There are various legal issues involved that beg resolution. One is that the NLRA doesn’t cover contracted workers. Another point is that independent workers who band together to set pricing could be accused of price-fixing in violation of antitrust laws. As the courts continue to address the issues, not all drivers support the law. Some say the City of Seattle and the Teamsters are secretly working together, to one day, force independent drivers to join a union and many drivers do not feel this is a necessary step to get what they want.

Virtual organizing is a form of alt-labor in which people organize outside a union but use technology to link people. Virtual organizers are using technology, like Slack, to communicate and come to an agreement as to the best way to protest an employer’s policies or practices. Unions and virtual organizing groups are already seeing success utilizing these methods. Companies can learn from other’s missteps. Take Lanetix, where software engineers organized, the company fired everyone and shipped jobs overseas, ULPs were filed, and now the case is pending before the NLRB. How did it start and what was the company’s bone of contention? Use of Slack in and out of the workplace. It is a textbook case of what a company should not do.

RELATED: UNION IN A POCKET: HOW MOBILE TECH DECENTRALIZED UNIONS

It will take new laws, like the one the Seattle City Council passed, to give legal status to the unionization of non-employees. In the meantime, unions are backing voluntary groups like the Independent Drivers Guild (IDG) – representing Uber, Lyft, Juno, and Via workers, which has an agreement with the International Association of Machinists and Aerospace Workers. The IDG has a website where people can become members of the non-union “union.” You can take note of the fact that Uber and Vox Media have proven that any form of a worker protest group can damage your business financially and harm your company’s reputation.

New Organizing Model is Here to Stay

Not long ago, white-collar employees were not prone to protesting or organizing. That is changing among some types of white-collar workers, especially among Millennials. For example, unions are targeting part-time faculty in educational facilities and Millennial services employees are showing interest in unionizing or organizing. It could be easier for any group of people to organize when they have access to platforms like Skype and Slack. In an interesting twist, Slack recently changed its policies so that employers can pay for a premium Plus plan that enables them to download private and public data without telling anyone. This new Slack policy means employers can access private messages between employees. It’s legal if the purpose of monitoring is vital to the business and not intended to prevent employees from talking about unions or working conditions (always check your employee’s Section 7 rights).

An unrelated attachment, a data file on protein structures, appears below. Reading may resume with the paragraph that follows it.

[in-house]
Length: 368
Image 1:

Virtual organizing is dangerous because it can remain underground and go undetected for quite a while, cost nothing to implement or maintain and engages the organizer and workforce very, very fast, and it appeals to the digital generations. Attorneys are reminding employers they need to have policies, that their employees acknowledge, that gives the employer the right to access and review any data created, stored or transmitted on the company’s computers. That way your employees cannot claim they had a reasonable expectation the communication would remain private. They may also suggest that your contracts with outside or independent workers include a “right to access data” clause.

Of course, the best way to prevent virtual organizing is to engage employees and non-employees through a variety of strategies that include fair compensation, reasonable work hours (think: work-life balance), employee or worker training and effective leadership communication skills. Social media, apps and other technology are entrenched in your employee’s lives and utilized to run our businesses and communicate with our employees. It is not something to get rid of or to fear but rather acknowledge and understand how you, your employees and yes, even unions can use this tech. Vox Media and Uber should also be addressing the root reasons employees and gig economy workers have turned to virtual organizing and unions. Training and education on social media and technology are just one of the many variables to tackle in creating your UnionProof culture.